...Let’s look at the media reports on Iraq that Stewart is arguing make [Brian] Williams’ untruths pale in comparison. Problem: Those reports were not lies. Journalists trying to figure out whether the war was justified called up credible experts with experience in the field and passed along what they said. As a more honest version of Stewart might say, “Dude. That’s not malfeasance. That’s Re. Por. Ting.”
Stewart added that “it’s like the Bush administration hired Temple Grandin to build a machine that kills the truth.” Even the audience of devotees seemed to find this simile baffling.
The idea that “Bush lied” is itself a lazy, ill-informed and false statement.
As Judge Laurence Silberman, co-chairman of the Commission on the Intelligence Capabilities of the United States Regarding Weapons of Mass Destruction, wrote in The Wall Street Journal last week, essentially nobody in the Washington intelligence community doubted the major report that Iraq had an active WMD program in 2002.
The National Intelligence Estimate delivered to the Senate and President Bush said there was a 90 percent certainty of WMDs. Democrat George Tenet, the Clinton CIA director who continued to serve under Bush, said the case for WMDs was a “slam dunk.”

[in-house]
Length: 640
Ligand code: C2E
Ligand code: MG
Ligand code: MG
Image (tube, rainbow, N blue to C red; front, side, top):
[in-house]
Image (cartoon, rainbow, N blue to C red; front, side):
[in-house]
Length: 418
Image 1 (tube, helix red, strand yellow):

John Kerry, Hillary Clinton, Chuck Schumer, Harry Reid and Joe Biden all looked at the intelligence and voted to authorize force. Sen. Jay Rockefeller argued strongly for the war. Then, years later, when it wasn’t going so well, he published a highly politicized report ripping Bush.
There is a serious case to be made against the Iraq War, but it’s a lot more complicated than the playground taunt, “Bush lied about WMDs.” (“Hey, I’m a comic, you expect me to do serious? Please welcome our next guest, Henry Kissinger!”)...
...Brian Williams has become a joke for telling lies, but Jon Stewart is a liar for the way he told jokes.
The "Bush Lied" Lie post provides more documentation of the "lazy, ill-informed" rhetoric Jon Stewart and his ilk foisted on a whole generation along with this: